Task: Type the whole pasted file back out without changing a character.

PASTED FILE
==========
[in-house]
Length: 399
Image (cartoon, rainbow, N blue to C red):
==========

[in-house]
Length: 399
Image (cartoon, rainbow, N blue to C red):